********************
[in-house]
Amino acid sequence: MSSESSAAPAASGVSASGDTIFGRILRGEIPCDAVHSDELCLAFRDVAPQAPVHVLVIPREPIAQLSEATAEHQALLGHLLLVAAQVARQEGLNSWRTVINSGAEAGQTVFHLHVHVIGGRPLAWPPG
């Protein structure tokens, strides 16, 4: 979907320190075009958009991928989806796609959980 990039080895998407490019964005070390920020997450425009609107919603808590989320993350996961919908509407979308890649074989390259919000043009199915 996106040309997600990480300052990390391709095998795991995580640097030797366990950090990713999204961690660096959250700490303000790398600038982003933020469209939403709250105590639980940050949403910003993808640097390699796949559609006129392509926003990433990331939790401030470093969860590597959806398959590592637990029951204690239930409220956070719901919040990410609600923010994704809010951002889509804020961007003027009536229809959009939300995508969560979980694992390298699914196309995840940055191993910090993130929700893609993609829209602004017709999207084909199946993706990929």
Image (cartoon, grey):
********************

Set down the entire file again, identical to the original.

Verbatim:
[in-house]
Amino acid sequence: MSSESSAAPAASGVSASGDTIFGRILRGEIPCDAVHSDELCLAFRDVAPQAPVHVLVIPREPIAQLSEATAEHQALLGHLLLVAAQVARQEGLNSWRTVINSGAEAGQTVFHLHVHVIGGRPLAWPPG
């Protein structure tokens, strides 16, 4: 979907320190075009958009991928989806796609959980 990039080895998407490019964005070390920020997450425009609107919603808590989320993350996961919908509407979308890649074989390259919000043009199915 996106040309997600990480300052990390391709095998795991995580640097030797366990950090990713999204961690660096959250700490303000790398600038982003933020469209939403709250105590639980940050949403910003993808640097390699796949559609006129392509926003990433990331939790401030470093969860590597959806398959590592637990029951204690239930409220956070719901919040990410609600923010994704809010951002889509804020961007003027009536229809959009939300995508969560979980694992390298699914196309995840940055191993910090993130929700893609993609829209602004017709999207084909199946993706990929």
Image (cartoon, grey):